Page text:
Spring is a time of rebirth, a fact that has inspired the old saying: “April showers bring May flowers.” While this delightful little rhyme romanticizes the rainy season, we are well aware of the very real damage heavy rains and other extreme weather can do to your house and your bank account. The experts from Morrow Mechanical are here with some tips to help you save on energy with DIY weatherization.
Vulnerable Areas of Your Home
Before you can become a DIY weatherizing extraordinaire, you will need to know which areas in your home to focus on. Here are a few places to start:
- Your Basement – One of the most vulnerable places for water leakage in your home is your basement. With proper weatherization, you can reduce the risk of water leakage from heavy storms.
- Your Doors and Windows – The wet weather of spring can cause wooden windows and doors to swell and stick. When dryer weather hits, the wood will shrink back, leaving gaps for your cool air to escape.
- Your Attic or Crawlspace – There are many air bypasses in your home that lead to your attic or crawlspace. These can cause your heating and cooling systems to work overtime to make the temperature comfortable. Some of these air bypasses include chimneys, plumbing vents, wires, interior walls, and exhaust fans.
- Your Roof – Your roof is an overlooked area that could help you save money on energy with the proper weatherization. You can easily transform your roof into a thermal heat deflecting surface with some DIY options.
- Your Gutters and Downspouts – Ineffective gutters and downspouts during heavy rain can cause water to run down next to your home’s foundation. Even if that water does not enter your basement, it can still erode soil from under the house footings, leading to cracked walls and ceilings.
- Weatherizing Your Basemen
- Waterproof your basement floors and walls. To start, remove paints, sealers, tile adhesive, efflorescence, and oils from the concrete. Then, use a shop-vac on the surface of the concrete to remove loose or crumbling concrete, mortar, dust, and dirt. Seal the concrete walls and floor against moisture with Radon Seal. Let the concrete dry out for a couple days, and then seal the other side.
- Add plastic film insulation to your basement windows. You can also use foam insulation spray to seal any air leaks around your basement windows.
- Weatherizing Your Doors and Windows
- Apply weather-strips along the frame of your windows and doors.
- Install new sweeps to older door sweeps. Close the door, measure its length, and cut a new wood sweep to the proper size.
- Cut highly-sticky foam tape to size and secure it in exposed areas around your doors and windows.
- Hang thermal curtains on your windows. These will help block the sun’s rays during hot summer days and keep your home cool.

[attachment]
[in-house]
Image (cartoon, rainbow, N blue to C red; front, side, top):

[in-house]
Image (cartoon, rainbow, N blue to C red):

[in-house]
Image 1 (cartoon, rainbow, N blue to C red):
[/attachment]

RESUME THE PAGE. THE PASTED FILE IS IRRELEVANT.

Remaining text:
- Weatherizing Your Attic or Crawlspace
- Insulate your crawl space door and access panel with a 1-inch foil insulation board. Then, add market weather stripping at the door seams.
- Seal up air bypasses leading to your attic with caulk and fire-blocking expanding foam sealant. Then, cut and fit strips of 24-gauge sheet metal between the masonry chimney and surrounding wood frame. Seal the flashing where it meets the chimney with high-temperature caulk.
- Install weather-stripping around the perimeter of the access opening to your attic. Then, screw hooks to pull the hatch taught against the weather-stripping. Glue rigid extruded foam insulation to the top of the hatch.
- Weatherizing Your Roof
- Apply cool roof coatings to your roof – If you have a low-sloped roof, apply cool roof coatings to single-ply membranes. If you have a steep-sloped roof, apply cool asphalt shingles. These provide better solar reflectance. If your roof has tile, apply cool roof coatings to make them more reflective and waterproof.
- Weatherizing Your Gutter System
- If your gutters aren’t firmly connected to your house, add fascia hanger brackets to fasten your gutters to your home.
- If your gutters are leaking, make sure all clogs and debris are cleared, and then use a proper gutter seam sealer to prevent further leaking.
- If water is getting behind your gutters, you may need to install flashing behind your gutters. Consider using a gutter apron to prevent splashing and dripping behind your gutters.
- If your gutters are overflowing, you probably have an obstruction that needs to be unclogged. If removing the obstruction does not fix the issue, install splash guards on the outside edge of your gutter corners.
- Extend your downspouts. This process is simple: 1) Cut your downspout at a 45-degree angle with a hacksaw or metal shears. 2) Attach the zip hinge with 8 screws. 3) Spray paint the zip hinge to match your gutter color.
Let the Pros Handle it
You now know some DIY projects to weatherize your home and save on energy this season. If you are looking for more ways to maximize the efficiency of your AC system, the experts at Morrow Mechanical are happy to help. For help with any of your HVAC needs, contact us today and allow our certified technicians to make your home spring-ready!